Malaysia has partially reopened its borders to foreign tourists today, allowing vaccinated visitors to travel to the islands of Langkawi ahead of Malaysia opening up the entire country to tourism in January 2022
As Malaysia eases restrictions in most states, it's also preparing to welcome tourists again. This month, the government is gradually reopening borders to visitors now that infection rates are steadily decreasing across the country and vaccination rates are increasing, with more than 76% of Malaysia's 32 million population now fully vaccinated.
On Monday, Malaysia opened the tropical archipelago of Langkawi to fully vaccinated international tourists for quarantine-free travel. Prime Minister Ismail Sabri Yaakob said in a statement on Friday that visitors must be fully vaccinated, among other requirements, and stay in Langkawi for at least seven days before traveling to other parts of Malaysia.
Malaysia then plans to launch a travel bubble with Singapore on November 29, allowing quarantine-free travel between the two countries for people who are fully vaccinated against COVID-19. A similar travel arrangement with Indonesia will also be created, before Malaysia's big return to tourism on January 1—when the country's borders will open to international travelers from elsewhere, according to Reuters.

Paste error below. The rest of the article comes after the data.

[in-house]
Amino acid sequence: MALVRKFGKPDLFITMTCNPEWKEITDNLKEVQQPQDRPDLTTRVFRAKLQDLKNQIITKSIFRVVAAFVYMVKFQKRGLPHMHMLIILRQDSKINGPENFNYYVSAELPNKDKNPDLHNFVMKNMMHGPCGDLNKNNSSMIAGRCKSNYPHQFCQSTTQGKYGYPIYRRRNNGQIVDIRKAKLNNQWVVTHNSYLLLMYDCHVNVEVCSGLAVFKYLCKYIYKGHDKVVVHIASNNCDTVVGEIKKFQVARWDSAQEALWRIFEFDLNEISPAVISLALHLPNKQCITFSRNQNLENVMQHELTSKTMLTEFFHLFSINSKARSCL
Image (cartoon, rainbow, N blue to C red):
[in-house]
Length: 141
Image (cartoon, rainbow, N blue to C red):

Currently, most international travelers are banned from entering Malaysia for non-essential reasons (if they're not part of the Langkawi program) and even fully vaccinated arrivals are required to test negative for COVID-19 before travel and quarantine for at least seven days when arriving into the country.
It's likely that arrivals will have to be vaccinated when borders reopen in January given that it's a requirement of the travel plan for Langkawi and the upcoming travel bubble arrangements with Singapore and Indonesia, but the government has yet to specify what entry requirements will look like in January. We will update this article when more information is available.
To be considered fully vaccinated to travel to Malaysia at present, 14 days must have passed since the second dose of Pfizer, AstraZeneca, or Sinovac vaccines; or 28 days after one dose of Johnson & Johnson or Cansino, confirms the US Embassy in Malaysia.
At a government meeting on Thursday, Reuters reports that the head of Malaysia's recovery taskforce, Muhyiddin Yassin, said measures such as "COVID-19 tests will remain in place, with authorities to determine entry based on the COVID-19 situation in originating countries, and other factors" in January.
Most states in Malaysia are at phase four (the least restrictive) of the National Recovery Plan, which means that most businesses can operate at full capacity with health protocols in place. However, entertainment venues such as nightclubs and bars remain closed for now.
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